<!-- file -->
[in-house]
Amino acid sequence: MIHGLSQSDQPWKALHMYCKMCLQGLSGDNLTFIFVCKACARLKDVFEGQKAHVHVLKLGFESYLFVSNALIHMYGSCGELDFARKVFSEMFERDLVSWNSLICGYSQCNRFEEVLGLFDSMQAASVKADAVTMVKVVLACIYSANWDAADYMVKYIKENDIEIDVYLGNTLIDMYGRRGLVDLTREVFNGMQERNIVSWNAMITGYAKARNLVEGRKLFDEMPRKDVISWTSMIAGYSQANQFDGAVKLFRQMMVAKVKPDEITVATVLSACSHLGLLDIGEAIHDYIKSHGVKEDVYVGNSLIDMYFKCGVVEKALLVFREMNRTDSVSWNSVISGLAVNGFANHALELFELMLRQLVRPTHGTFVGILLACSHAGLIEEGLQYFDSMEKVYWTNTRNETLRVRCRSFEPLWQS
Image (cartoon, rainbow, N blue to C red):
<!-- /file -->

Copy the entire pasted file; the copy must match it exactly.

[in-house]
Amino acid sequence: MIHGLSQSDQPWKALHMYCKMCLQGLSGDNLTFIFVCKACARLKDVFEGQKAHVHVLKLGFESYLFVSNALIHMYGSCGELDFARKVFSEMFERDLVSWNSLICGYSQCNRFEEVLGLFDSMQAASVKADAVTMVKVVLACIYSANWDAADYMVKYIKENDIEIDVYLGNTLIDMYGRRGLVDLTREVFNGMQERNIVSWNAMITGYAKARNLVEGRKLFDEMPRKDVISWTSMIAGYSQANQFDGAVKLFRQMMVAKVKPDEITVATVLSACSHLGLLDIGEAIHDYIKSHGVKEDVYVGNSLIDMYFKCGVVEKALLVFREMNRTDSVSWNSVISGLAVNGFANHALELFELMLRQLVRPTHGTFVGILLACSHAGLIEEGLQYFDSMEKVYWTNTRNETLRVRCRSFEPLWQS
Image (cartoon, rainbow, N blue to C red):